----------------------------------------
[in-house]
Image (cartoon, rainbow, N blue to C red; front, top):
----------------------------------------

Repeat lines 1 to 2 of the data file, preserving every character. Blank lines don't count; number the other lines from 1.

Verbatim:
[in-house]
Image (cartoon, rainbow, N blue to C red; front, top):